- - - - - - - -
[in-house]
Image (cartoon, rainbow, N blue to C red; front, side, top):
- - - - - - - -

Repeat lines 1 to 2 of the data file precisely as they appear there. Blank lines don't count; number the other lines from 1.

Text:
[in-house]
Image (cartoon, rainbow, N blue to C red; front, side, top):